The influenza A H1N1 viral
pandemic of 2009
commonly called Swine flu
was one of the major pandemics after
the Hong Kong Flu of 1968. It was officially declared by the Center for Disease
Control (CDC) and WHO as a pandemic in June 2009 and was declared to be over by
August 2010. However, in June 2011, an alert was reissued by WHO to the
Unlike the other Influenza viruses,
the H1N1 virus has the characteristic of affecting
people in all age groups. As per sources, 25% of the cases required ICU
admissions while the death rate was close to 7%.
An early detection and screening of
the condition can save the damage caused and prevent disease severity. H1N1
influenza diagnosis is considered a bit tricky and difficult compared to other
cases and types of Influenza. This is also attributed to the nature and
presentation of the signs and symptoms of the disease.
The common signs and symptoms of the H1N1 viral flu include fever
(above 100F), cold or runny nose, cough or headaches usually accompanied by
fatigue, nausea and vomiting. Chest X-rays and nasopharyngeal swabs are commonly used for detection of the
H1N1 virus pneumonia but often fail to detect the early interstitial stage of
A chest CT
scan considered the gold standard for the diagnosis of the early
interstitial stage of the influenza is not commonly used due to its cost,
radiation exposure as well as unavailability in an emergency set-up.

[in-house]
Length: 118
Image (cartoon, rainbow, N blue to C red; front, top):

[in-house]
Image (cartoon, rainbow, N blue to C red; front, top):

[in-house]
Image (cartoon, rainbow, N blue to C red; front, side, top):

This difficulty in diagnosis had lead Dr. Americo Testa and his
team from Italy to explore the effectiveness of Chest Ultrasound as a
diagnostic tool. The research was conducted on 98 patients who were screened
for community-acquired pneumonia together with other co-morbidities.
Chest X-rays, laboratory tests,
Chest CT scan were conducted on patients for making a definitive diagnosis for
H1N1 influenza or pneumonia. This included 34 patients with an established
diagnosis of pneumonia, 16 with normal Chest X-ray findings and 33 patients as
A chest Ultrasound was conducted
amongst all the patients by the physician, who looked for 'interstitial
syndrome, alveolar consolidation, pleural line abnormalities and pleural
effusion' as reported by the researchers.
32 out of the 34 patients with an
established pneumonia diagnosis were found to have an abnormal lung pattern on
the Chest Ultrasound.
Interstitial syndrome pattern was
detected in the chest ultrasonographs of 15 of the 16 patients who had normal Chest X-ray
patterns and 63% of them were diagnosed with H1N1
An ultrasound pattern of Alveolar
consolidation was found in only 4 of the patients initially diagnosed with an
abnormal chest X-ray and pneumonia.
Out of the 33 controls, again 5 were detected
with an abnormal interstitial pattern in
The researchers thus
recommended the Chest
Ultrasound as an effective tool in the early
detection of H1N1 pneumonia especially in
an emergency set-up.